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“We’re seeing those results first hand. It takes a lot of ongoing training and investment to preserve these capabilities.”
He said South Africa’s defence was at an “inflection point” and on the cusp of losing key capabilities completely, which would be nearly impossible to rebuild in any reasonable timeframe and budget.
“So I strongly believe we need an urgent new defence review, one that seeks to either find a way to properly fund and organise the SANDF to the level we seem to want of it, or which downsizes it and the missions we require it to perform, in order to make it sustainable under current spending levels.”
“Maintaining the status quo is irresponsible.”
What the SANDF gained over the years was now in reversal, seen through its military recruitment progress which is short of thousands more recruits compared to previous years, Oliver added.
“Ageing troops is a problem, made worse by Treasury refusing to fund regular large intakes of new recruits and structuring the exit mechanisms to favour mid-level and senior officers rather than specifically targeting those ageing in ranks.
“It’s a reversal too, because when the military skills development (MSD) recruiting system was first introduced, the SANDF made tons of progress in reducing the average age of combat soldiers.”
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SA Defence Union (Sandu) secretary-general Piekkie Greeff said those guilty of not ensuring that troops were served proper food as they perform national duties should be disciplined.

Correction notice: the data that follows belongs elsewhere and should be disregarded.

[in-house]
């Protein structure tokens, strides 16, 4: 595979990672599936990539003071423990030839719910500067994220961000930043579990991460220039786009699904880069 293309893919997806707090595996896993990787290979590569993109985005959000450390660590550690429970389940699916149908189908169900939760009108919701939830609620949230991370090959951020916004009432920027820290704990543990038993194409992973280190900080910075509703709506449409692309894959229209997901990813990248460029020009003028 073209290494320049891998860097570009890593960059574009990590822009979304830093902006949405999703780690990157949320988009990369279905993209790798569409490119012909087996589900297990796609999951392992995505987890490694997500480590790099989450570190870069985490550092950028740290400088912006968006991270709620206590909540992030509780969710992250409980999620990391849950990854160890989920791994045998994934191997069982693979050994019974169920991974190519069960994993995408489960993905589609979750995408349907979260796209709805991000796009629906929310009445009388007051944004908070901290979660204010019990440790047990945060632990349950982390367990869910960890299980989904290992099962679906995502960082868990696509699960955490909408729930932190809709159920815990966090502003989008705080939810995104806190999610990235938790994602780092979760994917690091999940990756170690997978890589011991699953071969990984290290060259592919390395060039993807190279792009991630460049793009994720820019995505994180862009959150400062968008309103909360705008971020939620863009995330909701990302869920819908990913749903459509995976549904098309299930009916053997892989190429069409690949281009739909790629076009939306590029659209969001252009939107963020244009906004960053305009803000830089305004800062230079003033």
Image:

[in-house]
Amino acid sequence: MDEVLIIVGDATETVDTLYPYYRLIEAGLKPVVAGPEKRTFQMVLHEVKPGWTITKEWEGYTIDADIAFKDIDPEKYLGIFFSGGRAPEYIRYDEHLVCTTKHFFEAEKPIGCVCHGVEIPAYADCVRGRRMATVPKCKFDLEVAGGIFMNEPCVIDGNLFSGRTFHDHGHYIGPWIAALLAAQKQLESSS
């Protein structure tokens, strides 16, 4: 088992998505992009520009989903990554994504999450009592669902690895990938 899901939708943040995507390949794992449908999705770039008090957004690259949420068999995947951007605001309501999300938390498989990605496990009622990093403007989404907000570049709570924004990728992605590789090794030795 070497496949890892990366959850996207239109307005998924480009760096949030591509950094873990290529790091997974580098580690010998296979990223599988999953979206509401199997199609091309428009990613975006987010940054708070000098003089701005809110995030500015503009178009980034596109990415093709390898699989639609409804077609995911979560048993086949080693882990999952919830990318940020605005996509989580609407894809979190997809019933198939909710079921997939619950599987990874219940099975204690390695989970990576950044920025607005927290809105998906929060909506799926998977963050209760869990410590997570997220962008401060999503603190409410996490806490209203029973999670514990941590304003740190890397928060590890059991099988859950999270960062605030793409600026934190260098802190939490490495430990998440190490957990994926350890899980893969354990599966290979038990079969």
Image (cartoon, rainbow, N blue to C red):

“There have been very few other instances but it is not totally an unfamiliar occurrence in any military environment, and defence forces always aim for zero instances of spoilt food among the ranks.
“The negligent party should be identified and dealt with.”
He described the defence force as “underfunded and deteriorating” because of the consistent decline in defence budget.
“The main problem is budget constraints leading to lack of maintenance of equipment and weapon systems and steady decline in effectivity. This erodes morale among the rank and file,” said Greeff.
The investigation into rations in Mozambique was initiated after Parliament’s committee on defence condemned the allegations, requesting defence chiefs to investigate and hold those responsible for the debacle accountable.
Defence Minister Thandi Modise and SANDF chief Lt-Gen Rudzani Maphwanya were absent at last week’s release of Masondo’s report to Parliament’s committee on defence.
Modise’s deputy Thabang Makwetla said he had not fully studied the report ahead of the meeting.
“We apologise to the committee… this report is being dealt with by the minister’s office. It is the minister’s forte to brief this committee or advice on this case.
“It is a straightforward and clear report… and it is up to the minister to discuss with Lt-Gen Maphwanya to agree on how these challenges should be attended to going forward.”
MPs were not satisfied with the department’s perceived lacklustre response.
Committee chairperson Vusi Xaba said the department’s response to the widely circulated allegations left much to be desired.
“I remember what chief of operations said previously before this committee, which contradicts what we are reading in this report. We were proved right, because what we just received appears to be objective, non-biased, and proving that the complaint was not without any substance.”
Defence chiefs were slammed for wasting R36 million in procuring a useless Covid-19 vaccine from Cuba.
Despite being underfunded, the SANDF went ahead and imported the unregistered Cuban drug, also known as Heberon, which they were subsequently unable to administer on the troops and had to return it back to the seller.
A ministerial task team which probed the largescale procurement of the drug, found irregular, wasteful and fruitless expenditure in the department.